More U.S. coal-fired power plants were shut in President Donald Trump’s first two years than were retired in the whole of Barack Obama’s first term, despite the Republican’s efforts to prop up the industry to keep a campaign promise to coal-mining states.
In total, more than 23,400 megawatts (MW) of coal-fired generation were shut in 2017-2018 versus 14,900 MW in 2009-2012, according to data from Reuters and the U.S. Energy Information Administration (EIA).
Trump has tried to roll back rules on climate change and the environment adopted during the Obama administration to fulfill pledges to voters in states like West Virginia and Wyoming.
But the second highest year for coal shutdowns was in Trump’s second year, 2018, at around 14,500 megawatts, following a peak at about 17,700 megawatts in 2015 under Obama.
One megawatt can power about 1,000 U.S. homes.
The number of U.S. coal plants has continued to decline every year since coal capacity peaked at just over 317,400 MW in 2011, and is expected to keep falling as consumers demand power from cleaner and less expensive sources of energy.
Cheap natural gas and the rising use of renewable power like solar and wind have kept electric prices relatively low for years, making it uneconomic for generators to keep investing in older coal and nuclear plants.
Generators said they plan to shut around 8,422 MW of coal-fired power and 1,500 MW of nuclear in 2019, while adding 10,900 MW of wind, 8,200 MW of solar and 7,500 MW of gas, according to Reuters and EIA data.
The predictions come from estimates compiled by Thomson Reuters and U.S. Energy Information Administration data.
Since taking office in January 2017, the Trump administration has announced its intention to leave the 2015 Paris Agreement on climate change and is relaxing Obama-era rules on emissions from power plants as it seeks to boost domestic production of oil, gas and coal.
U.S. emissions of carbon dioxide, the main greenhouse gas, spiked in 2018 after falling for the previous three years as cold weather spurred gas demand for heating and the booming economy pushed planes and trucks to guzzle fuel, according to a study by Rhodium Group, an independent research group.
After falling to 5,144 million tonnes in 2017, the lowest since 1992, the EIA projected U.S. energy-related carbon emissions will rise to 5,299 million tonnes in 2018.
“There will be a limit to what increasingly cheap renewable power and continuously cheap natural gas can deliver with respect to emissions reductions,” said John Larsen, a director at Rhodium Group who leads the firm’s power sector research, noting the rising use of gas to produce power as coal plants shut. Natural gas emits about half the carbon as coal.
The Trump administration has also tried to slow the retirement of coal and nuclear plants through a directive in 2017 from Energy Secretary Rick Perry to subsidize the aging units because they make the electric grid more resilient.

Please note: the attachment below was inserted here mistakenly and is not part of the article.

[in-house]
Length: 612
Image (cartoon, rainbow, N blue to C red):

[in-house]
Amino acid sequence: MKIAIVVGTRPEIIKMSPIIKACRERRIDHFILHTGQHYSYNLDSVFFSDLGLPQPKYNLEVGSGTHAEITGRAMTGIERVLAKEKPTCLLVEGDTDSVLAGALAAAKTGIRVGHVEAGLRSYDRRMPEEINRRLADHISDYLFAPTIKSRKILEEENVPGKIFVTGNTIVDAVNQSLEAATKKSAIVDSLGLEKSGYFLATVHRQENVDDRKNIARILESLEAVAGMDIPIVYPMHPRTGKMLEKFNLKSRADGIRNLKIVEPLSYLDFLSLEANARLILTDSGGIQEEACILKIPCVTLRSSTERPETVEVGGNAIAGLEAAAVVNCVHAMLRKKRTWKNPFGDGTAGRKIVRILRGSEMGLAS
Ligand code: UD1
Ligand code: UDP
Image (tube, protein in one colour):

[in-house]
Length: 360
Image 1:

That plan was bashed by advocates for gas, renewable power and consumers and unanimously rejected by the U.S. Federal Energy Regulatory Commission (FERC), led by former Chairman Kevin McIntyre. The plan could resurface now that Trump has a chance to replace McIntyre, who died on Jan. 2.
Reporting by Scott DiSavino and Stephanie Kelly in New York; Editing by Sonya Hepinstall
Tongue-tied GOP strategist crashes and burns on-air while trying to deny Trump’s racism
Republican strategist Amy Tarkanian crashed and burned on CNN on Saturday while attempting to deny President Donald Trump's racism.
"I do not believe that the president’s tweets were racist. I do believe they were not well thought out. He needs that extra, 'Are you sure?' button on Twitter," Tarkanian argued.
"I'm a black man, I'm a Republican and a black man," the Rev. Joe Watkins interjected. "My mother's an immigrant, I would be angry if someone said that to my mother."
"Oh, it’s very offensive. But he did not say, because you are this color, go back to where you came from," Tarkanian argued. "I’m not supporting that tweet. Was it racist? No. Was it stupid? Yes."
Trump supporter blames Democrats for being targeted by the president: ‘Why is that racist?’
CNN interviewed a supporter of President Donald Trump in Eau Claire, Wisconsin who refused to acknowledge the racism in the president's "Go Back" attacks on four women of color in Congress.
The network interviewed Kerri Krumenauer of Wiersgalla Plumbing & Heating Company about Trump's attacks.
"How is it racist?" she asked.
"If you don't like this country, get out," she demanded. "Leave!"
She then showed how misinformed she was about the incident.
"He didn't use any names -- they stood up," she falsely claimed. In fact, Trump did use names and the targets did not stand up as they were not at his North Carolina campaign rally.
Here’s how Trump hopes to recreate his 2016 presidential win — and how Democrats can send him packing
Writing for CNN on Saturday, election forecaster Harry Enten explained how President Donald Trump's recent, racist behavior lies in his desire to recreate the same electoral conditions that gave him a victory in 2016 in the presidential election next year.
"The Trump strategy is pretty simple: 1. Drive up the unfavorable ratings of his Democratic rival as he did in 2016 in order to compensate for his own low ratings. 2. Bank on an electoral college/popular vote split as he did in 2016. 3. Use a campaign of racial resentment to drive up turnout even more among groups favorable toward the President," wrote Enten. As he noted, Democrats have excellent odds to flip back Michigan and Pennsylvania, but they will have to work harder to win back any of the other states Trump flipped from the 2012 Obama camp — in particular Wisconsin, which was the closest state after those two.